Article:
Executive branch

The President of India serves as the nation’s ceremonial head of state and is elected for a renewable term of five years by an electoral college, which includes the elected members of both the Parliament’s houses and the elected members of the state legislative assemblies. The Vice President, elected by an electoral college comprising only the members of the two houses of Parliament, presides over the Rajya Sabha. In the event of the President’s death or departure from office, the Vice President steps in as acting President until a new election can be conducted.

While the President’s role is primarily ceremonial, their powers can become significant during times of national emergency. Under normal circumstances, the President acts on the recommendations of the Prime Minister. The extent of the President’s authority is occasionally subject to discussion. The President is empowered to declare a national emergency if the nation’s security is believed to be at severe risk, or to impose President’s rule in a state if its legislative assembly is deemed incapable of governing effectively. Additionally, the President has the authority to dissolve the Lok Sabha and call for new elections should the Prime Minister lose a vote of confidence.

The real locus of executive power lies with the Prime Minister and the Council of Ministers. The Prime Minister, who is the leader of the majority party or coalition in the Lok Sabha, is formally appointed by the President. The Council of Ministers, also appointed by the President upon the Prime Minister’s recommendation, includes the Cabinet, which is the most influential body within the council. Cabinet positions are allocated based on a combination of factors, including individual interest, expertise, loyalty to the ruling party or leader, and the need to reflect the nation’s diverse regions and demographic groups, such as those defined by religion, language, caste, and gender. The Prime Minister and the Council of Ministers hold office for the duration of the Lok Sabha’s term unless they are unseated by a vote of no confidence.

Legislative branch

Within the bicameral structure of India’s Parliament, the Lok Sabha holds a position of greater authority. It is here that the Prime Minister, as the head of the majority party or coalition, exercises leadership. The Constitution prescribes a maximum of 530 elected representatives from the states and an additional 20 from the Union Territories for the Lok Sabha, with allocations based on population size. Furthermore, the President is vested with the discretion to nominate up to two members from the Anglo-Indian community should their representation be deemed insufficient. The tenure for Lok Sabha members is set at five years, subject to the condition that the house may be dissolved earlier.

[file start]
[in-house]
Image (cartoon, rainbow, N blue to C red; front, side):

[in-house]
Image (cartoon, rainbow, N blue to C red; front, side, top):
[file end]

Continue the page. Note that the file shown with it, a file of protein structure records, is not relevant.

The Rajya Sabha, on the other hand, has its membership capped at 250. Within this limit, the President nominates 12 individuals recognized for their contributions to literature, science, the arts, and social services. The remaining members are elected by the state legislative assemblies in accordance with proportional representation. Unlike the Lok Sabha, the Rajya Sabha is a permanent body, although every second year, one-third of its members retire. Legislative proposals can be introduced in either chamber, with the exception of financial bills, which are exclusive to the Lok Sabha. To be enacted into law, a bill must secure a simple majority in both houses.

State and local governments

The constitutional framework delineates the governmental architecture of the states, which mirrors the federal structure to a significant extent. At the state level, the executive is headed by a governor, whose role is largely symbolic and ceremonial, akin to the President at the union level. The governor is accompanied by a council of ministers, with the chief minister at the helm, who actively leads the state’s executive functions.

Each state possesses a legislative body known as the Vidhan Sabha, whose members are elected for a tenure that may extend to five years. A diminishing number of states maintain a bicameral legislature, featuring an upper house called the Vidhan Parishad. This body is analogous to the Rajya Sabha at the national level, with its size not exceeding one-third of the Vidhan Sabha. Within these councils, the governor nominates one-sixth of the members, while the rest are elected by a select group of voters with specific qualifications. The governor also plays a role in the legislative assembly, with the authority to suspend or dissolve it under circumstances where a stable majority is unattainable.

Administratively, states are segmented into districts, which are further subdivided into entities known as tahsils, taluqs, or subdivisions, depending on the region. These subdivisions are composed of community development blocks, each typically encompassing approximately 100 villages. Overlaying this structure is a three-tier system of local governance. At the grassroots, villages elect a governing council (gram panchayat), with the council’s chairperson also serving as the village’s representative on the community development block council (panchayat samiti). Each panchayat samiti, in turn, elects a representative to the district council (zila parishad). In parallel, municipalities operate under their own elected councils, independent of the aforementioned rural governance structure.